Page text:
The Death of Relationships
New study on institutions and relationships says Washington has "veered off the map."
Atlanta teachers are accused of cheating. Yahoo bans telecommuting. A Rutgers basketball coach hurls balls and epithets at his players. Meanwhile, in Washington, the president and House Republicans can't or won't bridge their differences and regain the trust of voters.
These seemingly disparate strands have in common a single, sobering sociological trend: People today are more separate and at odds in their human connections than anytime on record.
That is the conclusion of a jarring report by Robert Hall, "Our Relationship Crash: The Biggest Story Never Told." Hall is an accomplished consultant and speaker on relationships and author of the 2012 book, This Land of Strangers: The Relationship Crisis that Imperils Home, Work, Politics, and Faith.
Building on the work of Harvard professor Robert Putnam (Bowling Alone: The Collapse and Revival of American Community) and others, Hall's report places Washington's dysfunction in a broad historic-social context that is no less depressing than the political landscape.
"We're paying a heck of a price for the destruction of relationships, and we haven't seen anything yet if it plays out like we're seeing it now," Hall told me in a telephone interview. (Disclosure: His book quotes from one I coauthored in 2005, Applebee's America: How Successful Political, Business and Religious Leaders Connect with the New American Community.)
Hall's report adds to the conversation on human connections by creating a "Flight From Relationships" index that aggregates 16 metrics across home, work, faith, and politics. "While obviously not scientific (data from different research sources with different time frames), the FFR Index does illustrate a dramatic trend: Our flight from relationships is up 214 percent over five decades," Hall wrote.
Political junkies will find four of the measures familiar. First, Americans relate less to each other politically. The number of voters who identify themselves as ideologically extreme has jumped from 29 percent to 49 percent in the last four decades, Hall reports. "Somehow," he wrote, "we seem to be magnifying our differences and then joining like-minded, warring tribes."
Second, the relationship between Americans and their president is weakening. Hall said the Presidential Approval Gap (the difference in how voters of the president's party and voters from the opposing party view the chief executive's performance) has reached a record 76 percent under Presidents Bush and Obama.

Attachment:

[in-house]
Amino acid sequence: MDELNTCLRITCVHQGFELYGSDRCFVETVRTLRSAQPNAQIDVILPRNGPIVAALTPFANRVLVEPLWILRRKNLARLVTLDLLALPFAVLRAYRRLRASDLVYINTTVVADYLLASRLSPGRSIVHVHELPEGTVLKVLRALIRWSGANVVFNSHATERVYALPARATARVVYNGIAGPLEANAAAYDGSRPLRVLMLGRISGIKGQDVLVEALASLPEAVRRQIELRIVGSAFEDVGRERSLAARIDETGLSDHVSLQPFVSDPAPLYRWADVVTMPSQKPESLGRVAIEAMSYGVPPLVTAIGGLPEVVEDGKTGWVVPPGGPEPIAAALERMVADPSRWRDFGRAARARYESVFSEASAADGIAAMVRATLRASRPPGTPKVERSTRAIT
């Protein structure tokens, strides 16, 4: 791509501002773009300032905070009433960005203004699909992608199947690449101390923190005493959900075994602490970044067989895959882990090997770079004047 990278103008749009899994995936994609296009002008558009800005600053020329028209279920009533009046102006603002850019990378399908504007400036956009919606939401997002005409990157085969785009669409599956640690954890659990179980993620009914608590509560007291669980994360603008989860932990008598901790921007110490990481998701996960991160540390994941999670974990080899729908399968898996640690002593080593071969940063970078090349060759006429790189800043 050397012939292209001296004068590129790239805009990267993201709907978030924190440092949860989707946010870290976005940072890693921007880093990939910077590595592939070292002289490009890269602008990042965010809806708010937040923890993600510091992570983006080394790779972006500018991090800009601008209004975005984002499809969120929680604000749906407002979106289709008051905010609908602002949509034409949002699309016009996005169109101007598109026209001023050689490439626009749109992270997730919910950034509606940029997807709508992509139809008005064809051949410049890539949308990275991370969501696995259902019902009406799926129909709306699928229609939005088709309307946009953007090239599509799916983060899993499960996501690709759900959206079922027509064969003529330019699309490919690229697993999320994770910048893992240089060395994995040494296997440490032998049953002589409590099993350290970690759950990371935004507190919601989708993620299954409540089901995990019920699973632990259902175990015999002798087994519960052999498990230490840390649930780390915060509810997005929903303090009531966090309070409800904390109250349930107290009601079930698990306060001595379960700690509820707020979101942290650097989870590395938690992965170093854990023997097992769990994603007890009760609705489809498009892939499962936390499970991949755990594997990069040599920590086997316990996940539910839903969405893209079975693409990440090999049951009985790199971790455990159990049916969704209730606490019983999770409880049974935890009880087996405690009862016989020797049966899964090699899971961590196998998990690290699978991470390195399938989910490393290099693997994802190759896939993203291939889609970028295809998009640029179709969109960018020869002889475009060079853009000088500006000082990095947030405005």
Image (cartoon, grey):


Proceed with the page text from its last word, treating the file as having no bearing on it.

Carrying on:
He also cited the wealth of data showing how Congress itself is polarized. "Productive relationships have suffered as the ranks of the ideological extreme (have) increased 50 percent" since the 1970s, Hall wrote. President Obama has been accused of not working hard enough to get to know his political rivals. Fair or not, Obama is addressing his reputation for aloofness by meeting more regularly and socially with lawmakers.
Finally, the number of self-identified independent voters has increased to nearly 38 percent. "As politics has grown more partisan and divisive, aided by a media adept at monetizing strife," Hall wrote, "the flight from political parties has nearly doubled over the past 50 years."
In isolation, these political trends would be depressing enough. Hall's index gathers them with other cultural markers to raise questions about our ability as a nation to adapt to vast social change.
For example, married couples represent just 48 percent of U.S. households, and births to unwed mothers are up 726 percent in 50 years, Hall said. Both are measures of vastly changing, if not fraying, personal relationships.
At work, employee turnover, CEO turnover, and customer defections are rising dramatically. At church, the increase in members leaving one denomination for another has jumped from 15 percent in 1955 to 50 percent today.
Faith in organized religion (like so many other institutions) is down. The number of people who say they have little or no confidence in the church has jumped 75 percent since 1975, he said.
"Never in recorded history has a culture tried to raise half its children in single-parent households, or systematically changed business ownership at a rate in excess of twice a year or seen an informed citizenry become so rapidly divided over politics and faith," Hall wrote. "We have veered off the map into uncharted and dangerous relationship territory."
The school-testing scandal is partly a result of diminished relationships — teacher-to-student, teacher-to-parent, and employee-to-employer, Hall said.
Yahoo's ban on telecommunicating reflects the tension between workers' desires to maintain family relationships amid new economic challenges and a CEO's need to restore valuable face-to-face relationships. "With their new freedom, individuals are more productive but often to the detriment of their companies," Hall said.
Rutgers coach Mike Rice is an extreme, but not isolated, example of a leader who responds to new pressures inappropriately. With competition intensifying at almost every workplace, "We can't deal with weak leadership," Hall said, "so we struggle by with fear-based relationships."
You might have such a boss.
Hall continued, "The advances of extreme individualism, expansive organizations, and breakthrough information technology have yielded unintended consequences: The rate of change is outrunning our ability to adapt."
Sounds like a political problem.